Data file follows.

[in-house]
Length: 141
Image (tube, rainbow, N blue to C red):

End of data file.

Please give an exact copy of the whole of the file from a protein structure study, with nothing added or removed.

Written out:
[in-house]
Length: 141
Image (tube, rainbow, N blue to C red):